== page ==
The PIC and your pension: Profit or politics? | Fin24
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The PIC and your pension: Profit or politics?

Dec 04 2015 06:00
Marcia Klein

Its ongoing support of troubled platinum miner Lonmin has prompted renewed questioning of the role and responsibilities of the Public Investment Corporation (PIC), which manages R1.81tr of government employees’ pension fund money.

The PIC’s raison d’être is to look after and make good returns on the money it manages on behalf of the workers and pensioners whose funds it invests.

With assets under management equating to about a third of South Africa’s GDP, this is a responsibility not to be taken lightly.

However, it is also mandated to invest in deals that are aligned with government priorities including transformation and job creation, a mandate which is open to interpretation, and even, possibly, exploitation.

More and more questions are being raised about the motivations for a number of its deals, which may in some cases be political rather than financial or socioeconomic in nature.

A Financial Times article in February 2014 said the PIC, which ranked 14th of 100 in Sovereign Wealth Fund Institute rankings, “at times struggles to shed the perception that political considerations as much as financial ones guide its investment decisions”.

According to its latest annual report, the PIC’s assets under management were as follows:

- Government Employees Pension Fund (GEPF): R1.61tr (88% of assets under management);

- Unemployment Insurance Fund: R113bn;

- Compensation Commissioner Fund: R33bn;

- Compensation Commissioner Pension Fund: R17bn; and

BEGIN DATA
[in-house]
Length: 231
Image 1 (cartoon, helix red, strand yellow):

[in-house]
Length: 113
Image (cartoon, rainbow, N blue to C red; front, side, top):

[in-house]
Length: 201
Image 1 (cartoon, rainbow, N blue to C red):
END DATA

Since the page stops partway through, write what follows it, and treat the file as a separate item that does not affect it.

- Associated Institution Pension Fund: R15bn (among others).

Over many years it has evolved from a largely bond-invested organisation to one invested in equities, private equity, “developmental investments” and investments outside of SA.

While equity investments now dominate its portfolio, other newer investments are relatively small.

As at 31 March, the end of the financial year, equity investments accounted for 48.68% of its portfolio.

Local bonds accounted for 34.31%, cash and money market 4.46%, properties 5.19%, offshore equity 3.91%, offshore bonds 1.4% and Africa equity (outside SA) 0.65%.

“Our focus on developmental investments and private equity is based on evidence that these asset classes have direct impact on economic growth through job facilitation, transformation and improvement of ordinary people’s lives.

“The focus of the private equity portfolio is to drive transformation in previously untransformed sectors as well as supporting emerging black industrialists,” the PIC says in its annual report. 

This is an excerpt from an article that originally appeared in the 10 December 2015 edition of finweek. Buy and download the magazine here

lonmin  |  pension fund  |  equities  |  investment  |  government

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